The study’s most provocative assertion, in my mind, is that judges may be overpaying shareholder firms in the biggest cases, awarding fees in excess of the risk the firms bear. Choi, Erickson and Pritchard found that judges award a smaller percentage of the class recovery as the size of the settlement increases. But the awards in these big cases, they found, nevertheless represent a higher multiplier on lodestar billings. Or, as the paper phrases the phenomenon: “As the settlements get larger, judges are willing to give plaintiffs’ firms a larger return on the time they invested.”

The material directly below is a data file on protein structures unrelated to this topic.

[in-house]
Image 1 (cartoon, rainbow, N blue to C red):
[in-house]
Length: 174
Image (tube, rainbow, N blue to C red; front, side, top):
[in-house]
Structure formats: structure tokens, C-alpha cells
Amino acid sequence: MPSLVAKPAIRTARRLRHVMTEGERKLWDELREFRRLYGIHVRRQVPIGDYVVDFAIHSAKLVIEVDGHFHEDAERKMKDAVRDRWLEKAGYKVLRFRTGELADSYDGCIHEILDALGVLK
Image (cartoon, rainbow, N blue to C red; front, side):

Moreover, the paper argued, big settlements may not be the result of skillful lawyering but simply a function of a defendant’s market capitalization. And judges rarely delve into factors such as parallel government investigations when they decide how much to award to shareholder firms, even though these considerations often affect defendants’ settlement decisions.
Source: Two shareholder firms have reaped more than $1 billion in fees. Are they overpaid? | Reuters